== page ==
Fairy girls and city grit at Tokyo Fashion Week

Layered chiffon tops and silky hemlines met shiny leather boots on the catwalk of the Tokyo Fashion Show this week in a blend of old-world femininity and edgy city themes.

"They are the fairies strolling through the maze of concrete," said designer Yuma Koshino of the waif-like models showcasing her "Baroque and Block" collection.

"They switch back and forth between their time of being mature women and of being girls. They are kitsch, cute and romantic."

"The story is about women in town," explained the daughter of fashion maestro Hiroko Koshino about her 2010-2011 autumn/winter collection, a fusion of hard and soft, tight and loose, and black and pastel.

"They strut around the city blocks, acting independent in this world, but they also crave the feminine, elegant touch of medieval times."

The Tokyo Collection, the highlight of the Japan Fashion Week which ended Friday, kicks off the season ahead of shows in Paris, New York and Milan.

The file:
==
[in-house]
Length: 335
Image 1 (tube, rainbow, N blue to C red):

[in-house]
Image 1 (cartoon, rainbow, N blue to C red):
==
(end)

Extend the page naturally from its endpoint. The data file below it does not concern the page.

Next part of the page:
Koshino said the "fairy girl" touches in her line-up evoke "Alice in Wonderland", but she also used elements of "optical art", the hard geometric patterns, usually black and white, that can confuse the eye.

"I wanted to try optical art. I think it's coming," she said. "It has always been around, but I wanted to use it because it looks both sharp and elegant."

At the Tokyo show, which brought together 44 Japanese fashion houses, Koshino was not the only designer to experiment with optical art.

Eri Matsui, who has long sought to fuse art and science, turned her latest stage show into a mathematical laboratory of geometric silhouettes, including a white evening dress with a pattern resembling sea anemones.

Sticking with a grittier urban noir theme was G.V.G.V. designer Mug, who said she tried to recreate the world of David Lynch's psychological thriller "Mulholland Dr" on her smoke-filled red carpet stage.

Seeking to merge chic and avant garde, defiance and elegance, her girls mixed red leather skirts with white chiffon tops.

"I wanted to create the air of an erotic womanly scent," Mug said. "I also wanted to give a touch of a Los Angeles grungy street feeling."